They appear to be going nowhere in state legislatures:
A mandate for gun buyers could be more challenging than for drivers, given insurers’ aversion to the risk from assaults. That compares with U.S. auto insurance, where companies spend more than $5 billion a year to win customers in a $178 billion market.
“That’s why things like mandatory auto insurance kind of work, because you’ve already got a highly functional market and it’s a matter of herding the last stragglers into it,” Walter Olson, a senior fellow at the Cato Institute, a think tank dedicated to limited government, said in an interview. “But when there is no functional insurance market at all for some kind of risk, it’s a different question.”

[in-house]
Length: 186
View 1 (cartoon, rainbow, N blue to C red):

It doesn’t help that the ObamaCare episode has raised public resistance to the idea of mandatory insurance. Related: even two authors somewhat favorably disposed toward the idea, and who believe it might be enacted in some forms without overstepping the Constitution, predict its effect in reducing injury by deterring negligent gun handling would “probably not be very great.” [Stephen Gilles and Nelson Lund, Regulation magazine (Cato, PDF)]